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Consultant discusses possible hazardous impacts of W.W. Cross fire

  • More than a dozen towns responded to a five-alarm fire at the former WW Cross building in Jaffrey on Sunday evening. Copyright Monadnock Ledger-Transcript. May not be reprinted or used online without permission. Send requests to news@ledgertranscript.com. Staff photo by Ashley Saari

Monadnock Ledger-Transcript
Published: 6/29/2020 4:34:00 PM

Few potential contaminants were stored in the portion of the former W.W. Cross building which burned last week, according to an environmental assessment company that has been working with the town to mitigate long-standing hazards on the property.

The town has been working with the property owners to secure grants to determine the hazardous materials present on the site, and possibly mitigate them, a process that’s likely to take hundreds of thousands of dollars.

Steven Rickerich, a vice president and senior geologist at Ransom Consulting Engineers and Scientists, met with the Select Board via Zoom on Thursday to discuss the most recent findings on the site, as well as the potential impacts of a fire earlier this month which destroyed a portion of the building.

Rickerich told the board that based upon prior assessments of the building, and photographs of the portion destroyed by the fire, there wasn’t a significant amount of potentially hazardous materials stored in the area. There may have been some adhesive or petroleum products stored in the area, but likely only in gallon amounts, not significant quantities, he said. However, the building materials for the building itself include asbestos, lead paint, and fluorescent lights which are hazardous and are likely still present in the debris.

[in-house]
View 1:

Rickerich said the debris will have to be dealt with at some point, as ash or water runoff could impact the surrounding area, but the concrete foundation of the building has largely protected the area for now.

Previous studies of the property have shown several hazards already in the soil and water, usually in area-specific locations within the western half of the property, including zinc, brass and cyanide.

To clear the property of contaminants, Rickerich told the Select Board that approximately 300 tons of soil would have to be removed from the property.

“That’s quite an undertaking,” he said.

And potentially expensive. The removal alone, could cost as little as $20,000 or as much as $100,000, depending upon the levels of hazardous waste and what steps need to be taken to treat it.

But that’s not the only expense associated with restoring the site. There’s about $240,000 in abatement costs associated with removing the building from the site.

The cost of those abatements could be covered by grants from the state Environmental Protection Agency, which has specific funds set aside for brownfields sites, or sites where past activity has resulted in hazards left in the soil or groundwater. The W.W. Cross qualifies as a brownfield site, as all the hazards currently on the property are traced back to when it was used as a manufacturing facility.

The Select Board discussed the status of the building, which has several years of back taxes due, and whether the town should begin the process to take possession of it in payment for those taxes.

“We need to investigate what’s possible,” Select Board Chair Frank Sterling said. “Remediation is necessary, and we can’t sit on this anymore.”

 

Ashley Saari can be reached at 924-7172 ext. 244 or asaari@ledgertranscript.com. She’s on Twitter @AshleySaariMLT.


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